Monument Valley in Arizona

John F. Kerrigan, MD

Division of Neurology, Barrow Neurological Institute, St. Joseph’s Hospital and Medical Center, Phoenix, Arizona


Infantile spasms, a peculiar form of epilepsy affecting young children, usually begin between 3 and 24 months of age. They consist of clusters of body jerks and typically occur on awakening. Most children with infantile spasms are retarded, sometimes severely, depending on the underlying cause. The pathogenesis is unknown but probably reflects a complex interaction between cortical and subcortical structures. Despite being associated with significant potential side effects, adrenocorticotropic hormone (ACTH) remains the drug of first choice in the United States. In contrast, vigabatrin has emerged as the drug of choice in most other developed countries. Many patients with infantile spasms have focal pathology and may be candidates for epilepsy surgery, and their developmental profile may improve after successful epilepsy surgery.

Key Words: adrenocorticotropic hormone, epilepsy, infantile spasms, vigabatrin
The first recorded reference to infantile spasms is particularly memorable and poignant. In 1841, Dr. W. J. West published a letter in Lancet regarding “a very rare and singular species of convulsion peculiar to young children.”52 West accurately and vividly described infantile spasms and the developmental and cognitive decline often associated with them. He stated: “As the only case I have witnessed is in my own child, I shall be very grateful to any member of the profession who can give me any information on the subject, either privately or through your excellent Publication.” Unfortunately, progress with respect to understanding and treating this disorder has been modest, and the desperation of parents of affected children remains just as palpable today.

Clinical Features

Infantile spasms are distinguished by the appearance of the seizure itself and the age group in which they typically occur. The spasms consist of sudden, shock-like contractions, involving widespread muscle groups of the trunk, neck, and extremities. Typically, there is a flexion or sudden “drop” to the torso or head while both arms are simultaneously uplifted. Continuous video-electroencephalographic (video-EEG) monitoring has characterized individual spasms showing their variability between (and within) individuals and defining flexor, extensor, and mixed flexor-extensor groups.32,33 The spasm can persist in a brief tonic phase, typically lasting 2 seconds but sometimes as long as 10 seconds. Although it is important to be aware that individual spasms can vary, these differences seem to have little predictive value with respect to etiology or course. Asymmetrical or unilateral spasms can occur and suggest the possibility of focal cerebral pathology, which in turn should suggest the possibility of surgical treatment (see below).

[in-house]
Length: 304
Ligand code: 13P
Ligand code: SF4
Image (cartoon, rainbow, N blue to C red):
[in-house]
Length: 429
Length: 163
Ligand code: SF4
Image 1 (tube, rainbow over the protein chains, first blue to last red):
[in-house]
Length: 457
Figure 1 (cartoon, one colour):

Spasms occur in a group or cluster as much as 80% of the time.32 The tendency of spasms to cluster represents one of the most important historical features in making the diagnosis. Individual spasms are observed 5 to 30 seconds apart, and the child often relaxes or cries during these intervals. Typically, the number of spasms in an individual cluster varies between 5 and 20. Occasionally, however, more than 100 can be observed. The intensity of the spasms is also highly variable, sometimes increasing, then decreasing, during a single cluster. Some spasms are subtle—little more than a momentary arrest of activity or a slight nod of the head. Clusters of spasms occur most often when the child awakens from sleep.